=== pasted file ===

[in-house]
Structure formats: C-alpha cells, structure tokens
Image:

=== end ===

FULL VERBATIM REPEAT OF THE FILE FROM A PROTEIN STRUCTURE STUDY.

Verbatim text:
[in-house]
Structure formats: C-alpha cells, structure tokens
Image: